What’s Wrong With Your Site: The 6 Most Common Web Performance Issues Today

In the modern era, no matter what vertical you’re in, from software to retail to food service to manufacturing, your web presence matters.
What some people may not understand is just how crucial a strong web presence can be. It only takes 50 milliseconds for a web visitor to decide whether they like your site or not, and if they don’t, they may never come back. Bounced visitors are lost leads and lost revenue, but there are a lot of reasons a visitor might leave your site that you need to account for. Here are some of the most common problems we’ve encountered.

1. Mobile

It’s not an exaggeration to say that the single biggest problem our clients’ (and our own) websites face when it comes to SEO ranking is keeping up with the shifting norms around mobile design.

It’s essential that your website is optimized to load just as quickly on mobile as it does on desktop, if not even faster. Everything from features to the sitemap, from navigation to image layouts, should work intuitively and easily. There’s a good chance that potential customers will visit both the mobile version and desktop version of your website before making a purchase, and that transition needs to be seamless.
Even if your website statistics indicate that virtually none of your traffic is coming from mobile, Google has forced your hand. In the last few years, Google has transitioned to a “mobile-first” indexing algorithm that ranks sites (even the desktop version) lower if the mobile version is optimized. If your site doesn’t work on mobile, you’ll slide down the rankings.

2. Loading Speed

Modern web users are impatient. More than 50% of users will abandon a page if it takes more than three seconds to load, and mobile users tend to be in an even bigger hurry. Nevertheless, most websites take too long to load. According to a Google study in 2017, the average loading time for a website on mobile was 22 seconds, more than seven times too long to capture a user’s attention.

There’s a crucial caveat to this number: web visitors aren’t seeing the entire page at once. With modern website coding, you can specify which elements load first and insert light, fast-loading placeholders that signify where larger elements like photos and videos will appear. As long as your user can see that they’ve arrived at the right place, they’ll wait a little longer to actually interact with the page.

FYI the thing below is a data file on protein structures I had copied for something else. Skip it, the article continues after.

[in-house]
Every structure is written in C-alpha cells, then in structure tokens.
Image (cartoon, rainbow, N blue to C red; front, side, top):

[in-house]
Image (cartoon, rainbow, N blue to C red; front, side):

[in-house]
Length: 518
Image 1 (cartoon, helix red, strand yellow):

• The number one contributor to slow loading times is media — usually photos and other visuals. Site visuals are important, but there are a few strategies to make sure they’re not slowing you down:
  • Use a CMS that creates and saves multiple versions of each image for various screens. There’s no reason to wait for a 4k photo to load on a 5-inch phone screen.
  • Compress images as much as you can without sacrificing quality. Play with different image formats to see which ones give you the smallest files.
  • Be judicious with your use of imagery. You don’t need high-resolution images as the background to every page when you can use white space and other visual elements that load much more quickly.
  • Use vector graphics instead of bitmaps whenever possible. For logos, basic shapes, and graphics (any visual element that isn’t a photo), vector graphics are likely to be much smaller, load faster, and scale infinitely to any screen size.

3. Landing Pages

Routing all your potential leads through the homepage is rarely the best way to entice the average user. A landing page, on the other hand, sees much higher conversion rates on average as it’s designed to capture a visitor’s attention and collect their contact information or provide them with the content they’re looking for. It should be tailored to the channel that brought them to the site, the device they’re on, or their prior activity.

There’s no limit to the number of landing pages you can create, but be careful to use “noindex” tags to keep Google from crawling them. If Google seens a hundred nearly-identical landing pages, it’ll penalize you for duplicate content and a needlessly contrived sitemap.

4. SEO